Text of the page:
Why I'm Not a #GIRLBOSS

I am not one to step into the spotlight or use my business to broach gender and social issues. However as it's International Woman's Day I thought this might be a good time to share my thoughts on women in business. 

I want to start off by saying that I am not out to offend anyone. All the men and women out there that are hustling to make their own way in the world have all of my respect. With that disclaimer, let's get right to it. I find the #GIRLBOSS or #LADYBOSS offensive. #BOSSBABE is particularly cringe worthy to me. I am also not a fan of the term "Women in business". Let me explain why with this simple theoretical situation:

"Mom, how come women are lady bosses and men are just bosses?"

How would you answer that question? You could go through the history of the suffragettes, bra burning or even the huge gap in pay that is being brought to our attention by Hollywood actresses. I don't like that the question would even be posed. Why are we fighting so hard for equality while setting ourselves apart? Looking beyond the fact that "girl" is typically a demeaning term when applied to an adult woman my gender has nothing to do with my profession. I am just a straight up business person or boss.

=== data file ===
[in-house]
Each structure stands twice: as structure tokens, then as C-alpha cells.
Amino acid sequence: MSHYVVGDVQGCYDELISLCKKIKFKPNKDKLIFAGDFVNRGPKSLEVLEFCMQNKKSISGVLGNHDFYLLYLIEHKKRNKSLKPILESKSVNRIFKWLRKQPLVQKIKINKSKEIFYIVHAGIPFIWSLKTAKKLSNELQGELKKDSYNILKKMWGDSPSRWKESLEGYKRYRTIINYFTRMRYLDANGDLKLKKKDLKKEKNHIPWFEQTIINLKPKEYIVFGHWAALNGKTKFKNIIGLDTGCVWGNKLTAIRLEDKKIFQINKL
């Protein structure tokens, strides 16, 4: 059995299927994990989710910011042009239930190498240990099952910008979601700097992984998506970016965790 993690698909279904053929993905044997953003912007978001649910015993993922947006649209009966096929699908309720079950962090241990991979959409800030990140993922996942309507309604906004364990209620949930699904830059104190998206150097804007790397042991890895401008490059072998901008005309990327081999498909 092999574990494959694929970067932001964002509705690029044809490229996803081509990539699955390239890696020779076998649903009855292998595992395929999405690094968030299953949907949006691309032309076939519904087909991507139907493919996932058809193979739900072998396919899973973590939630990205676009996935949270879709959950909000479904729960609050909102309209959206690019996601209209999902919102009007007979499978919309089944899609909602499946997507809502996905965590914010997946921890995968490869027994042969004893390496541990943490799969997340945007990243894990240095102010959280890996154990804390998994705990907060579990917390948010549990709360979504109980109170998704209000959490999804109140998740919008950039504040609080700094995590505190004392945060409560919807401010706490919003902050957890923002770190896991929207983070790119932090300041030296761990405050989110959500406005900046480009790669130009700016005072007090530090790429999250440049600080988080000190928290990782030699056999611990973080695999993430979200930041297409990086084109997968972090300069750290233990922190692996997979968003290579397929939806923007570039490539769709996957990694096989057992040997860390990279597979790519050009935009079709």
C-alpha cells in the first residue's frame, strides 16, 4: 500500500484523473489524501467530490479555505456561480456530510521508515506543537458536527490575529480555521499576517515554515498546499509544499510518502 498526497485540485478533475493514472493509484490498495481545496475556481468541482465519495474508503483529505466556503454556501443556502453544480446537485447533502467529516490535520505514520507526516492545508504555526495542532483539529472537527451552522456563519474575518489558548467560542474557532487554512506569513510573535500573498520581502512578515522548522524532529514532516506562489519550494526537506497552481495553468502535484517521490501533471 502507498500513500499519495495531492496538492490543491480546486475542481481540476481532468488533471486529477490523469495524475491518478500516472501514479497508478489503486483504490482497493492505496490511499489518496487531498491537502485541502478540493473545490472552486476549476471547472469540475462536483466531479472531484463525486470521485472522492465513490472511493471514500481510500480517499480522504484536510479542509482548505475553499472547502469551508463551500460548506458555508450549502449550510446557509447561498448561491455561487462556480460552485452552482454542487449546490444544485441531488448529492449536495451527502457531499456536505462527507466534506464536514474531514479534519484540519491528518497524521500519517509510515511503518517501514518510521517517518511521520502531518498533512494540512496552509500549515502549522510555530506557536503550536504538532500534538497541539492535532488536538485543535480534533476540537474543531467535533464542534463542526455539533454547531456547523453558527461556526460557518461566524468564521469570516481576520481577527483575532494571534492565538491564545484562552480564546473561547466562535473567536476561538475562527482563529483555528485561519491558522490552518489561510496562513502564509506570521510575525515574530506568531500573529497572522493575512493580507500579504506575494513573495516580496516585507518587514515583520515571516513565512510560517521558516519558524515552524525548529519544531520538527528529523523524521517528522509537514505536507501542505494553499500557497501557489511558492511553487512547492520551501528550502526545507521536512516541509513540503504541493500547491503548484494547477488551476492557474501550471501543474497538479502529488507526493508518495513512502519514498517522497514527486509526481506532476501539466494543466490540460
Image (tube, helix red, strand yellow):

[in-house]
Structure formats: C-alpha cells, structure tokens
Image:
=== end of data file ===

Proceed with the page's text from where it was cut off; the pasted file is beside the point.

I was born in 1984. I started my business in my twenties. I have faced harassment as well as being looked down on by men. I have been asked who my business partner is, as if I couldn't do this on my own. I have also had many people assume that my husband financed Charmed, or is working behind the scenes which could not be farther from the truth, it's laughable to us. Thanks to all the brave women that have come before me, those have been my only struggles. How is it different for men? So much is expected from them and their failures are often earth shattering due to the expectations society has of them. What I am saying is we are equals. We all have our own struggles and I admire all the men in business the same way I do women. 

We don't need to set ourselves apart to be powerful. Hightlighting that you are a woman seems to me like overcompensating. Let your work wow people. Being successful as a woman is just plain being successful. You have done it because you worked hard, not by overcoming your gender.  Let's not teach the world to keep treating us as though we are different rather than equals. If you are a fellow woman in business I encourage you to rethink the message you are sending and perhaps trying on #BOSS for a change. 

Written with love -H